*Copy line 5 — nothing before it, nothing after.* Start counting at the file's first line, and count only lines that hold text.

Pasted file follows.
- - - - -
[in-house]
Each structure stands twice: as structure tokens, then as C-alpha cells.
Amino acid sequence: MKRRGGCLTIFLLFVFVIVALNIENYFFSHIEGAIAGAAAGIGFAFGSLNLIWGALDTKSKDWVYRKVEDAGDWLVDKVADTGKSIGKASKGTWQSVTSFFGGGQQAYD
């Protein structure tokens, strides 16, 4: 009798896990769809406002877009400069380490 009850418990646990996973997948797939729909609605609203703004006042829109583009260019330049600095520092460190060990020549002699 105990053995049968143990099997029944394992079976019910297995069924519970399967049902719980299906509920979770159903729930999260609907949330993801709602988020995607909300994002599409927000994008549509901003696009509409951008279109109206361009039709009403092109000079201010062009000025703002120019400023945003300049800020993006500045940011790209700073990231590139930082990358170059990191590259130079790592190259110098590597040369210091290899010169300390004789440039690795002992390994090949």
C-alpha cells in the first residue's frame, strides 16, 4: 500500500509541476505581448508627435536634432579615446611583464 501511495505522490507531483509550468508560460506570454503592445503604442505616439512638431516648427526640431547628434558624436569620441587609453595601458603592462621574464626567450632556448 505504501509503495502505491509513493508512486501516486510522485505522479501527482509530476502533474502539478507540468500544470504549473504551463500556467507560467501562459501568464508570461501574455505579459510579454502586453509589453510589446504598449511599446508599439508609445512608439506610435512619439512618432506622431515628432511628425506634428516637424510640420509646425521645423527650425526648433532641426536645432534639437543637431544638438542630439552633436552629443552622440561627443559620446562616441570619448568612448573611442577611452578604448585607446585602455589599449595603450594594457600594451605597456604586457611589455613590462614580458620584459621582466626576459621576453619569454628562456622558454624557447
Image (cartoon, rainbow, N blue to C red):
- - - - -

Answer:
C-alpha cells in the first residue's frame, strides 16, 4: 500500500509541476505581448508627435536634432579615446611583464 501511495505522490507531483509550468508560460506570454503592445503604442505616439512638431516648427526640431547628434558624436569620441587609453595601458603592462621574464626567450632556448 505504501509503495502505491509513493508512486501516486510522485505522479501527482509530476502533474502539478507540468500544470504549473504551463500556467507560467501562459501568464508570461501574455505579459510579454502586453509589453510589446504598449511599446508599439508609445512608439506610435512619439512618432506622431515628432511628425506634428516637424510640420509646425521645423527650425526648433532641426536645432534639437543637431544638438542630439552633436552629443552622440561627443559620446562616441570619448568612448573611442577611452578604448585607446585602455589599449595603450594594457600594451605597456604586457611589455613590462614580458620584459621582466626576459621576453619569454628562456622558454624557447